Domestic Violence in IL: Why People Abuse
Beyond the law, however, if you want to put a stop to domestic violence, then you first have to understand why it occurs. Those who commit crimes of domestic violence in Illinois aren’t monsters – they’re normal people who are driven to commit these crimes for various reasons.
Here is how Illinois defines domestic violence and a few of the factors that have been found to drive people to commit these acts.
Domestic Violence: What Is It?
For a crime to be deemed an act of domestic violence, it must be committed against a person who is considered a household or family member. That includes:
- Anyone you are currently married to or have been married to
- Anyone you are related to by marriage or blood, such as children, stepchildren, and parents
- Anyone who you currently or formerly have shared a home with
- Anyone you share a child with
- Anyone you are dating or engaged to
- Anyone with a disability and their caregiver
The penalties for crimes of domestic violence depend on what the underlying crime is. For example, domestic battery is considered a Class A misdemeanor, which can result in up to 12 months in jail. However, it can be classed as a Class 4 felony in some circumstances when a prior conviction is involved, which can result in a prison sentence of up to six years.
Reasons Behind Domestic Violence
So, what things can drive a person to abuse? In some circumstances, it may be that someone simply is pushed too far, and they react in anger – but what is underlying that anger? After all, people get angry all the time and don’t end up committing crimes.
Many studies have been done to understand why someone perpetrates acts of domestic violence and several underlying causes have been revealed. We’ll go through the findings below.
Mental Health Issues
For many with mental health issues, they seek relief of their symptoms by self-medicating with alcohol or drugs. This leads to drug and alcohol abuse, but the underlying cause is still an untreated mental illness – plus the fact that addiction is a mental illness all its own. Drug and alcohol abuse leads to intoxication, which then dulls inhibitions and makes the person who is under the influence more likely to take actions that lead to domestic violence.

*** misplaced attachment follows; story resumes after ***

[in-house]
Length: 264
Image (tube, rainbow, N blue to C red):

Furthermore, some substances can lead to increased paranoia, which can lead the person committing the act of domestic violence to believe that their victim is out to get them. They believe they are defending themselves.
It’s important to note that, even though self-medicating is something that people use to help ease their symptoms of mental illness, it often makes things even worse. Substance abuse creates a vicious cycle where those who are using are more prone to abusive behavior.
Not all substance abusers are perpetrators of domestic violence, however. In fact, researchers have found that those who are substance abusers also happen to be more likely to become victims of domestic violence. So, as you can see, it’s a complicated issue.
The Behavior is Learned
People tend to model the behavior they’ve been exposed to while growing up and, unfortunately, domestic violence is often a learned behavior. Many who commit domestic violence crimes witnessed them in their own families growing up or were victims themselves. Others may be influenced by pop culture or their peer circle.
If someone witnessed domestic violence growing up and was never shown that the behavior was wrong, then those types of acts will only become normalized for that person. This can lead to future acts of abuse.
Issues with Control
In many cases, domestic violence occurs in an attempt to control another person. The person who is committing the domestic violence feels that they need to exert control over a victim and becomes angry if they lose this control.
For example, victims are held to standards of control by those abusing them. If they fall outside of these expectations, then tactics will be used to make them fall under control again. That can and does end in domestic violence. However, the person committing it justifies the behavior as a way to keep people around them in line – or because they feel threatened.
Social aid exists for those in relationships that involve domestic violence. It’s never too late to reach out for help, and there are many programs out there that can aid someone who is struggling with these issues. If you identify tendencies to commit acts of domestic violence and abuse, then you can reach out for help before you start to experience legal repercussions for the acts.
About the Author:
Andrew M. Weisberg is a former felony prosecutor who now serves as a defense attorney in the greater Chicago area. He has extensive experience in handling all types of criminal cases, from sex offenses and domestic violence to retail theft-related crimes, murder, and drug crimes. His work has been recognized by Avvo, Expertise, National Trial Lawyers, and others, and he has been featured on countless news outlets for his experience and knowledge in criminal law.